A current student at Whittier noted that becoming aware of her school’s impending closure was quite hard on her and many of her classmates. As she put it, “When we found out, when Miss Jane told us, almost everybody cried except for Samantha and Trevor because they’ve been through it before and some of us hadn’t been through that before so we cried because we didn’t expect that to happen.” In the case of teachers, in addition to dealing with the emotional turmoil, they must also deal with the immediacy of their employment situation. Through these conversations it became clear that teachers are largely left unsure about how an impending closure will affect their professional trajectory. Being a full-time teacher is already a time-intensive occupation and adding the need to navigate their next steps after closure while also experiencing the emotional turmoil of school closure can be overwhelming and frustrating.
Another community member noted that being a student in an environment like that can be especially difficult. Several students for instance noted that knowing their school was going to close made them sad because they had grown an attachment to the school they had attended for several years. One young adult noted that they had such a hard time losing an arts program in their school when they were a young student but could only imagine how hard it would be to lose an entire school as a kid. As they put it, “I just couldn’t imagine losing an entire school, especially at a young age. I was in Cherry Creek School District (CCSD) so we were very blessed to not have to think about anything remotely like this which is another thing that’s hard to think about like, there are kids that have to go through this in 5th and 6th grade and this wasn’t even on my radar- I was just going to school every day.”
One father noted that he believed that school closures can really harm a student’s mental health and had personally seen how difficult it had been for his brother to transition to a new school after a closure. In light of this experience, the notion of a school closure makes him concerned about the impact it may have on his daughter. As he put it,” I have a daughter so when I think about it’s like- most importantly how this is going to affect the kid, that’s physically and emotionally. Taking a kid from a group of friends, teachers, or neighborhood, placing them somewhere else. In that transition, how are they going to adapt? How are they going to feel? It’s a whole thing, They have to relearn everything.”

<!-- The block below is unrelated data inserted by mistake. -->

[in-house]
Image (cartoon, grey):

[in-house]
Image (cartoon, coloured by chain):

Loss of Community Pillar
There is a legacy aspect of having attended a school that has long existed in a neighborhood, and closing a school has the consequence of disrupting the continuity of that legacy. As one DPS alum put it,
“I feel a connection, I was always proud to go to a certain school because my mom or cousin went there. So I mean it’s something where they have to get more strategic and hold community meetings to see how people think and how people react.” Another alum suggested that it’s problematic for a school district to have the ability to simply remove such an important institution from a community. He asked for instance “Is this a staple of the community? Is this where people connect?” He further suggested that “you can’t lose that. That’s part of a community.” A parent noted that they have maintained relationships with some of their elementary school teachers well into adulthood but she has no idea how those types of relationships could be maintained after a school is closed. As she put it, “I still keep in touch with my 5th-grade teacher and my very first art teacher and I guess I’m just realizing how special that is because it would severely suck if I never got to see my art teacher after 3rd or 4th grade just because my school shut down and she never had another job after that. That would break my heart so I think it’s important to keep the environments that we have for a bunch of different reasons, mental health, friendships, and relationships are all very important and those would all get, not demolished but rearranged in this process”
Denver metro area community members say that school closures have tremendous impacts on the well-being of a community. If schools are to be closed it would seem pertinent that these concerns are accounted for in the decision-making process so as to make the transition to a new school as smooth as possible. One community member noted that schools are the “heart and soul of communities” and if that is the case then closing a school should be considered a delicate and serious procedure.